Technology for Young Children with Special Needs

Technology for Young Children with Special Needs

Sara C. Bicard (University of Memphis, USA) and David F. Bicard (University of Memphis, USA)
DOI: 10.4018/978-1-61350-059-0.ch011
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Abstract

Children come to early childhood programs with a wide range of learning abilities, languages, cultural backgrounds, and educational experiences. Most classrooms also include children with special needs or exceptional children, who differ from these typically developing children to such a degree that an individualized program of adapted, specialized education is required to meet their needs (Heward, 2009). This chapter provides a framework for the use of technology to assist these exceptional children in early childhood and primary level classrooms.
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Introduction: Early Intervention And Special Education Services For Children With Disabilities

In 1975 a landmark law, The Individuals with Disabilities Education Act (IDEA), was passed that provides for special education services in the United States. IDEA has been amended and reauthorized multiple times, most recently in 2004, and is the primary federal law that guides special education services for children through six principles: (a) Zero Reject, refers to the principle that schools must educate all students with disabilities regardless of the nature or severity of the disability and that no child may be excluded from a public education; (b) Nondiscriminatory Identification and Evaluation, refers to non-biased, multi-factored methods of evaluation that must be used to determine a disability and if so, whether special education services are warranted; (c) Least Restrictive Environment (LRE) refers to the principle that to the maximum extent appropriate, children with disabilities are educated with children who do not have disabilities; (d) Due Process, means that safeguards are mandated and procedures are in place to protect the rights of children with disabilities and their parents; (e) Parent Participation and Shared Decision Making, refers to the principle that schools and local education agencies must collaborate with parents of students with disabilities when designing and implementing services, particularly with placement, goals and objectives, and related services; (f) Free, Appropriate Public Education, (FAPE) refers to the principle that all children with disabilities must be provided an appropriate education, outlined in an individualized family service plan for children ages birth to two years old or an individualized education program (IEP) for children ages 3 to 21, at public expense.

In early childhood programs the service provided to these exceptional young children is usually associated with early intervention. Early intervention refers to children of school age or younger who are discovered to have or be at risk of developing a handicapping condition or other special need that may affect their development. Approximately 3% of all children birth to three years old and 6% of all children ages 3 to 5 years old receive special education services in the United States (U.S. Department of Education, 2007). Disabilities that qualify for special education include physical disabilities, such as deafness or blindness; mental disabilities, such as Down's syndrome and autism; medical conditions, such as oxygen dependence or traumatic brain injury; learning deficits, such as dyslexia; and behavioral disorders, such as attention deficit hyperactivity disorder (ADHD) and conduct disorders.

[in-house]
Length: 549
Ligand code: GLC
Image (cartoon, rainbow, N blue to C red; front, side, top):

Children who receive early intervention special education services are provided additional educational assistance for developmental delays such as speech and language delays, learning disabilities, intellectual disabilities like Down’s Syndrome or Autism, and emotional and behavioral disorders. Regardless of a child’s disability status, he or she is still expected to demonstrate progress towards attaining high levels of achievement according to the No Child Left Behind Act and IDEA.

Without the services mandated in IDEA, many children with disabilities would have difficulty accessing and participating in the instructional environment in public educational institutions. Particularly because curricular programs utilized in general education are intended for typically developing children and children with disabilities are not commonly considered in the research, development, and adoption process of curricular programs (Hitchcock & Stahl, 2003).

In order to accommodate for the specialized needs of children with disabilities the instructional environment must be adapted to include more accessible and research-based practices for children with disabilities and struggling learners. The challenge for early childhood teachers is to balance the current emphasis on higher standards and accountability with the requirements for special needs children in their classrooms. Technology is an advantageous tool that can provide a variety of resources allowing teachers to adapt the instructional environment for students with a wide range of learning abilities to maximize their progress toward achieving higher standards.

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